Early Paleozoicum Ch. 10.


Each continent can be divided into two major part:


-Mobil belts

  Craton -- stable immobile part, Upon which Phanerozoic sediments can be found.

          shield(Precambrian met. and igneous rocks)

          platform  Outward part of craton, where metamorphic rocks are           covered by shallow water sediments

Epiric seas seawater covers some part of the craton

Mobile belts

Elongated areas of mountain building activity. They occur along       continent margins


The location of continents in the Earth history is not stable, everything is moving all the time.

It is a big buisness to reconstruct the paleogeography for a certain time.

What can we use?

1. Paleomagnetism (for younger ages than Paleozoic)

2. Climate sensitive rocks

3. Environmnet sensitive rocks

4. Fossils

5.Tectonic data

Paleozoic Paleogeography

In the beginning of Paleozoic, there were 6 continents:

1. Baltica (west of Ural Mountains)

2. China (China, indochina and the Malay Penninsula)

3. Gondwana (Africa, Antarctica, Australia, Florida, India, Madagaskar)

4. Kasakhstania (extension of Siberia)

5. Laurentia (North America, Greenlans, Ireland, Scotland, part of Russia)

6. Siberia (E of Ural, North of Kazahstan South of Mongolia)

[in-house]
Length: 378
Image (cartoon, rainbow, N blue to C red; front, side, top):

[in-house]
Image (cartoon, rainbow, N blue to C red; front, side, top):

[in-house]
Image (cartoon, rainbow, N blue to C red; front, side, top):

North America

Mobil belts:






Sequence stratigraphy

Laurence Sloss in 1963 proposed that sedimentary rock record in North America could be divided into six cratonic sequences.

A cratonic sequence is a large scale (larger than supergroup) lithostratigraphic unit representing a major transgressive-regressive  cycle bounded by cratonwide unconformities. Transgressive phase is well preserved, regressive part is marked by unconformities.

For the Early Paleozoic their name are: Sauk and Tippeconoe

The global correlation of this super sequences is called sequence stratigraphy

Sauk Sequence (This is the first Phanerozoic transgression over the Precambrian american craton)

During the latest Proterozoic and earliest Cambrian the sea did not cover the craton, just along the border (Appalachian, and Cordilleran borders). These borders were passive margin during this time. Thick carbonate sequence formed, because the north american continents were located around the equator.

The other parts were emerged, and extensive weathering of Precambrian rocks took place.

North America was situated in the tropics at this time, and there is no evidence for any kind of vegetation, therefore erosion rate must have been really high.

During the Middle and late Cambrian a transgression started, and epiric sea covered much of the craton living just a few land area behind. Such a high area was the so called transcontinental arch (highland area) extended from Lake Superior to New Mexico, and some part of hte Canadian shield.

This time is characterized by wide spreaded shallow marine water sedimentation. Many of the shallow water carbonates contain bioclastics, organic fragments of fossils, and stromatolites (blue-green algae). They also frequently have oolitic textures.

Grand Canyon shows an excellent example for the Sauk marine transgression.         

Carbonate deposition dominated on the craton in the latest Cambriam, and even the Transconintal arch was covered by seawater.